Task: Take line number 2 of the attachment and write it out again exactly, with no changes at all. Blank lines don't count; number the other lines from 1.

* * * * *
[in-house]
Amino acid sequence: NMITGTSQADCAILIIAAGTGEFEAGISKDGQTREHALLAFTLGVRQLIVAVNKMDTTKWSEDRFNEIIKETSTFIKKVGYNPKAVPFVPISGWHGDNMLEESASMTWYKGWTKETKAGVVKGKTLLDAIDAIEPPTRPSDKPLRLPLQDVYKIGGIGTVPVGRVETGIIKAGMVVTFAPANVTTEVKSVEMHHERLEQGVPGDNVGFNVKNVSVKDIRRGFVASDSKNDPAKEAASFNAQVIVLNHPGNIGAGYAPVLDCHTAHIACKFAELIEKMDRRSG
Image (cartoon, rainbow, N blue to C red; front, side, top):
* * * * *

Amino acid sequence: NMITGTSQADCAILIIAAGTGEFEAGISKDGQTREHALLAFTLGVRQLIVAVNKMDTTKWSEDRFNEIIKETSTFIKKVGYNPKAVPFVPISGWHGDNMLEESASMTWYKGWTKETKAGVVKGKTLLDAIDAIEPPTRPSDKPLRLPLQDVYKIGGIGTVPVGRVETGIIKAGMVVTFAPANVTTEVKSVEMHHERLEQGVPGDNVGFNVKNVSVKDIRRGFVASDSKNDPAKEAASFNAQVIVLNHPGNIGAGYAPVLDCHTAHIACKFAELIEKMDRRSG